Gender equality is at the forefront again because of for International Women’s Day 2023 on 8 March. We interviewed three RSM students from the board of the Erasmus Tech Community and asked them particularly about gender equality in technology and digital careers. Check out what they said about gender equality issues and their thoughts on how we can bring change to this industry.
My name is Thao Le and I’m studying MSc Strategic Management. My role in the Erasmus Tech Community is operations manager. This means that I am responsible for the operational aspects before, during and after our events.
I think that many tech-related fields are still mainly male dominated. Women are still lacking representation.
Probably because of a lack of representation or encouragement geared towards girls.
I think it starts at a young age. We have to actively abolish stereotypes about boys and girls. Popular examples for that are ‘video games are for boys and girls suck at them’ or ‘boys are better at maths’. This can discourage girls from liking tech-related topics because of these negative perspectives.
My name is Monica Petrangeli and I am currently in my second year of RSM’s BSc International Business Administration. Within the Erasmus Tech Community, I have the role of Director of Operations and Innovations. My responsibilities lie within the logistics aspects and researching interesting topics for our events and workshops.
There is still a vastly spread misconception that tech roles are ‘for men’. Even today, this unfortunately influences the educational choices women take – it’s often seen in recently published research. In 2022, there is still a large gender gap in students of computer and engineering studies.
Because of this issue's low exposure. Despite the many initiatives that have occurred over the years to encourage women to enter the tech industry there is still a lack of female role models in a male-dominated workplace. Furthermore, the low percentages of females within the tech industry have not yet been recognised as significant as it is by the public, throwing a shadow on it rather than a light.
I think that exposure is key in encouraging women and girls to be interested in working in tech. Especially during the years of education, schools should focus on creating a safe environment in which every student, male or female, is encouraged to follow their interests in any field. This could be done through information sessions with outside speakers from the tech industry who can share all the wonderful details of their roles to spark enthusiasm.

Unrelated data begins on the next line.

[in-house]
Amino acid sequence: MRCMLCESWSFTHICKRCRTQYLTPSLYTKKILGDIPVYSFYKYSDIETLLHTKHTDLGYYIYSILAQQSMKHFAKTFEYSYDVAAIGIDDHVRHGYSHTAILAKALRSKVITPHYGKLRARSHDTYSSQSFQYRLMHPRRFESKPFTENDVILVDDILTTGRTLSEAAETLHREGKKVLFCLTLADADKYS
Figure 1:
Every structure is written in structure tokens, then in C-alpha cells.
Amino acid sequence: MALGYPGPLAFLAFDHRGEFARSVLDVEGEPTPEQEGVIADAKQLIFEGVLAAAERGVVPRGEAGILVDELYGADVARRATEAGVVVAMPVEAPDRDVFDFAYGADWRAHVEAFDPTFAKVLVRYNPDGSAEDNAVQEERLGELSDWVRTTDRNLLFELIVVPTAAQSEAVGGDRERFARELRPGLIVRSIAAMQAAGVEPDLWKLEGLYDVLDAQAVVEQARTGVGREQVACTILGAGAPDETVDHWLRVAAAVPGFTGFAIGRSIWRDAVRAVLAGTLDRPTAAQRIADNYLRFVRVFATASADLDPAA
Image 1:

Workshops would be helpful too, by allowing students to try their hands at the different skills required in the tech industry.
Overall, the education sector should aim to raise students’ knowledge of not only the tech industry and its roles but of all industries to ensure that students will make an informed decision when choosing which educational path to follow.
My name is Risa Yamazaki. I am currently studying for the MScBA Business Analytics and Management at RSM, and I am a director of marketing for the Erasmus Tech Community. The roles I am responsible for are tasks and progress management for marketing planning, contact with external parties for the marketing projects, and directions and supervisions for the integration of data-driven and creative approaches in planning and implementation of marketing strategies.
I have been observing such a volatile transition period from patriarchal industries into a ‘better’ way of maintaining institutions, which includes the topic of gender equality. However, because it is not the superficial transition in rules but an attempt to achieve a significant reconstruction in the definition and comprehension of ‘better’, we have seen a conflict of different ideologies just about every day. The fundamental systematic change for institutions – or even in the scale of tech industries – means that collective action by a bigger party of people from different social or biological backgrounds but with aligned values is necessary. As long as all people (and here what I mean is absolutely everyone) are facing in two different directions, ideal gender equality might not come.
A lack of women role models to look up could be the reason why. Despite there being an increase in the number of women joining the tech industry, many of them are still not in managerial or administrative positions. This might make young talented women feel like they’re in a minority, and might even mean they feel there are no possibilities for getting into these positions in future due to gender stereotypes and institutional discrimination.
Creating role models in real life would inspire more young talented women. Role models should not be restricted to famous people. For example, mothers or having women technology teachers. I believe that those examples would eliminate concerns and emotional obstacles to join the tech force.